Laissez-faire Banking

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Psychology Press, 1996 - Business & Economics - 380 pages

The idea of free (or laissez-faire) banking has enjoyed a remarkable renaissance in recent years. It is a novel idea that challenges much of what many banking scholars still take for granted - that banking is inherently unstable, that the banking system needs a lender of last resort or deposit insurance to defend it in a crisis, and that the Government has to protect the value of the currency. Against this free banking sets an argument which is in essence very simple: if markets are generally better at allocating resources than governments, then what is different about money and the industry that provides it and why? "Laissez-Faire Banking" is divided into three inter-related sections, dealing with the theory of free banking, historical experiences of it and present-day monetary and banking reforms based on free banking principles.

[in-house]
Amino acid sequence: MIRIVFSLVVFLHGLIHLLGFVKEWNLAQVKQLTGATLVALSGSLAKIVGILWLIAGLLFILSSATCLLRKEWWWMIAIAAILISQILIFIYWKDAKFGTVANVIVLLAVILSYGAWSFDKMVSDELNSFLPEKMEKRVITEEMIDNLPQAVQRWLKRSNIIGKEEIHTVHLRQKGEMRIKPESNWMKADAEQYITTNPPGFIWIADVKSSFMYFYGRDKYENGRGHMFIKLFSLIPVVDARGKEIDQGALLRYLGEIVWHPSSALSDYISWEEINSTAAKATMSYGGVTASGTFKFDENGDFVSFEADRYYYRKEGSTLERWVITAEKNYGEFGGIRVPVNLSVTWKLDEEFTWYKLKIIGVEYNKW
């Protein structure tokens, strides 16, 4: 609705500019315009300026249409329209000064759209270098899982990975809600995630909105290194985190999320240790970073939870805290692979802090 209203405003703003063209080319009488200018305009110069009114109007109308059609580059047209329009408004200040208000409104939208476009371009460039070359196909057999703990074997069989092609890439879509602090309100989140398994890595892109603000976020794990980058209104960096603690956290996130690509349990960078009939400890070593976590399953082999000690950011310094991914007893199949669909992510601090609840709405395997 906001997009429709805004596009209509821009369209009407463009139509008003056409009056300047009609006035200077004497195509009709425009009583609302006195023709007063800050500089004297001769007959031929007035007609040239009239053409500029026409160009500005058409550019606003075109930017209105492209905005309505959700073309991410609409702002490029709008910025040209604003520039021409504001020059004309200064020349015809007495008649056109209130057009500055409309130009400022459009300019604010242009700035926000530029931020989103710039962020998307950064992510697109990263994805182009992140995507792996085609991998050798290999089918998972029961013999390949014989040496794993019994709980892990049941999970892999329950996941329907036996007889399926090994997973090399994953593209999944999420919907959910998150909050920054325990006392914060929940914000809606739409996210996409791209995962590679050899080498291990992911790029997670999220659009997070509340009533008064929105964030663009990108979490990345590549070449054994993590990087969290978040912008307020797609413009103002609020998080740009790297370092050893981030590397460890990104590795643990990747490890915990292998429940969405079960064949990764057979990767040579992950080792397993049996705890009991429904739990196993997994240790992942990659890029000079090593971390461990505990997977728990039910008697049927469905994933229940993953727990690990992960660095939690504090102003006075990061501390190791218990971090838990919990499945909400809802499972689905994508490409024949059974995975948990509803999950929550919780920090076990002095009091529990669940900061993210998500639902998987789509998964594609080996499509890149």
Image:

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Contents

Introduction
1
Free banking theory
23
Automatic stabilizing mechanisms under free banking
25
Option clauses and the stability of a laissezfaire monetary system
41
Monetary freedom and monetary stability
58
Is banking a natural monopoly?
76
Models of banking instability
87
Historical experience
115
The evolution of central banking in England 18211890
221
The evolution of central banking in England a reply to my critics
248
Monetary and banking reform
253
Stopping inflation
255
Does Europe need a Federal Reserve System?
265
Evaluating the hard ecu
281
The US banking crisis the way out
292
Notes
319

Free banking in Australia
117
US banking in the free banking period
149
Money and banking the American experience
180
Did central banks evolve naturally?
207

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About the author (1996)

Kevin Dowd is Yorkshire Bank Professor of Financial Economics at Sheffield Hallam University.

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